- Run giveaways or contests to get users involved
You could also set up a brand group. Brand groups are spaces for users to share feedback, chat, help each other with problems, and share successes. You can use brand groups to share how-to guides, tips and tricks, and updates about your tool.
One company that uses a brand group is Canva. The Canva Design Circle (hosted on Facebook) currently has 223.6k members and averages 75 new posts daily. People share their designs, ask for feedback, and troubleshoot issues inside the group.
As this is our final insight, I also just wanted to clarify something — your free tool is part of your marketing strategy, not the whole strategy.
Every form of contact you make with users is marketing, so approach it as such. Similarly, don't get hyper-focused on your tool. Use other forms of outbound and inbound marketing to attract leads.
Challenge: what if the money isn't coming in?
Towards the end of our chat with Ben, the discussion went to an interesting place. Say you create a free tool, launch it, and find users for it, but your hard work doesn't translate into profit?
On this, Ben notes that the time between someone trying your free tool and making a purchase can be “really really long.” He also mentions that if someone is trying your tool, they are likely using competitors' tools, too.
But, he notes, you can overcome these challenges by tweaking your freemium model:
This shift changes how your tool fundamentally operates (and thus, how people respond). Before, the tool was an accessory, but now it's a service.
Ben notes that you have to manage this shift carefully.
You'll need to tweak the tool's design, resolve any obvious bugs, and maintain the tool well.
Ultimately, Ben says you need to think of your tool as a test. If it isn't paying off, you may need to switch gears to something else with more potential. Or, if it is working but not paying just yet, it's time to push harder.
Data and automation are key in pushing harder in the right direction.
If you add a paid tier to your tool, you need to carefully measure the number of people who upgrade from the free version to the paid version. Then, you should use this data to test what makes people convert — pop-ups, targeted discounts sent via email, a banner that reads “free trial nearly over,” etc.
Though Headline Analyzer was successful quickly, CoSchedule still took this approach. The team learned what made the Headline Analyzer successful and used that information to turn it into Headline Studio (a product people still use today).
CoSchedule's winning strategy
We've touched on CoSchedule's Headline Analyzer tool a few times already, but how does CoSchedule's freemium marketing model work?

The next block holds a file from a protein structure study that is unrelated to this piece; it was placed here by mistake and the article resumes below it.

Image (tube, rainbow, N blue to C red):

CoSchedule's co-founders Garrett Moon and Justin Walsh launched CoSchedule as a WordPress plugin back in 2013. They originally built the tool for their marketing clients but later released it to the public. CoSchedule reached 5,000+ customers in 2015 and has grown dramatically since.
Today, CoSchedule's core products include its Marketing Calendar, Marketing Suite, Headline Studio, and Actionable Marketing Institute.
People sign up to use a basic version of CoSchedule's SaaS (Software-as-a-Service) products. Then, they can upgrade to the “Pro” plan or a “Business” plan to unlock extra tools and features. This strategy has worked very well for CoSchedule, as CoSchedule currently serves a customer base of 30,000+ marketers in 100+ countries. Many of these marketers come from big brands, including Forbes, Yamaha, Walgreens, and P&G.
Embrace the freemium business model
Building a free tool requires a lot of time, money, and resources. Naturally, it's not the lead magnet for every brand. However, if you want to build an audience passively, subtly promote your offering, and capitalize on demand, it might be the strategy for you.
Our chat with Ben taught us several key things you need to know to build a great freemium strategy:
- It needs to be customer-centric
- It must be sustainable long-term
- You must be resource-conscious
- Look for market demand carefully
And, of course, a tool's design, usability, and features are key to its success.
Thank you to Ben for joining us for a chat, and thanks to CoSchedule for its insights on SaaS freemium strategies. If you're interested in managing your marketing smartly, check out CoSchedule's Marketing Calendar here.
Or, if you are interested in growing your brand's marketing reach with link-building, reach out to us at MediaBerry.